more information
Search within Results:

Select All    Deselect All
 |   | 
  Records Links
Author (up) Akiskal, H.S. file  url
  Title The prevalent clinical spectrum of bipolar disorders: beyond DSM-IV Type Journal Article
  Year 1996 Publication Journal of Clinical Psychopharmacology Abbreviated Journal J Clin Psychopharmacol  
  Volume 16 Issue 2 Suppl 1 Pages 4s-14s  
  Keywords Bipolar Disorder/classification/*diagnosis/psychology; Cyclothymic Disorder/classification/diagnosis/psychology; Depressive Disorder/classification/diagnosis/psychology; Diagnosis, Differential; Humans; *Psychiatric Status Rating Scales; Psychotic Disorders/classification/diagnosis/psychology  
  Abstract Based on the author's work and that of collaborators, as well as other contemporaneous research, this article reaffirms the existence of a broad bipolar spectrum between the extremes of psychotic manic-depressive illness and strictly defined unipolar depression. The alternation of mania and melancholia beginning in the juvenile years is one of the most classic descriptions in clinical medicine that has come to us from Greco-Roman times. French alienists in the middle of the nineteenth century and Kraepelin at the turn of that century formalized it into manic-depressive psychosis. In the pre-DSM-III era during the 1960s and 1970s, North American psychiatrists rarely diagnosed the psychotic forms of the disease; now, there is greater recognition that most excited psychoses with a biphasic course, including many with schizo-affective features, belong to the bipolar spectrum. Current data also support Kraepelin's delineation of mixed states, which frequently take on psychotic proportions. However, full syndromal intertwining of depressive and manic states into dysphoric or mixed mania--as emphasized in DSM-IV--is relatively uncommon; depressive symptoms in the midst of mania are more representative of mixed states. DSM-IV also does not formally recognize hypomanic symptomatology that intrudes into major depressive episodes and gives rise to agitated depressive and/or anxious, dysphoric, restless depressions with flight of ideas. Many of these mixed depressive states arise within the setting of an attenuated bipolar spectrum characterized by major depressive episodes and soft signs of bipolarity. DSM-IV conventions are most explicit for the bipolar II subtype with major depressive and clear-cut spontaneous hypomanic episodes; temperamental cyclothymia and hyperthymia receive insufficient recognition as potential factors that could lead to switching from depression to bipolar I disorder and, in vulnerable subjects, to predominantly depressive cycling. In the main, rapid-cycling and mixed states are distinct. Nonetheless, there exist ultrarapid-cycling forms where morose, labile moods with irritable, mixed features constitute patients' habitual self and, for that reason, are often mistaken for “borderline” personality disorder. Clearly, more formal research needs to be conducted in this temperamental interface between more classic bipolar and unipolar disorders. The clinical stakes, however, are such that a narrow concept of bipolar disorder would deprive many patients with lifelong temperamental dysregulation and depressive episodes of the benefits of mood-regulating agents.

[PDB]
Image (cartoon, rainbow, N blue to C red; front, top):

Call Number Serial 1728  
Permanent link to this record

Author (up) Gabbard, G.O.; Twemlow, S.W.; Jones, F.C. url  openurl
  Title Differential diagnosis of altered mind/body perception Type Journal Article
  Year 1982 Publication Psychiatry Abbreviated Journal Psychiatry  
  Volume 45 Issue 4 Pages 361-369  
  Keywords Adolescent; Adult; Aged; Body Image; Child; Cognition Disorders--diagnosis; Consciousness Disorders--diagnosis, psychology; Depersonalization--diagnosis, psychology; Diagnosis, Differential; Female; Humans; Male; Middle Aged; Psychological Tests; Reality Testing; Schizophrenia--diagnosis; Schizophrenic Psychology  
  Abstract Considerable confusion exists in the psychiatric literature concerned with states of consciousness in which there is an altered perception of the mind/body relationship; related but different terms are often used interchangeably, with a lack of definitional rigor. The purpose of this paper is to bring clarity to this group of related phenomena by differentiating out-of-body experience (OBE) from depersonalization, autoscopic phenomena and schizophrenic body distortions (such as boundary loss), which are the principal entities with which the syndrome may be confused. The problem of variable definition of the syndromes is compounded by the fact that some studies deal with psychiatric or medical patients, others focus on nonpatients, and still others deal with both groups. The fact that some groups of persons with experiences of altered mind/body perception do not define themselves as patients, do not seek treatment, and may not need treatment underscores the need for clarification. Following an explication of the different syndromes and their characteristics, we will briefly consider treatment implications.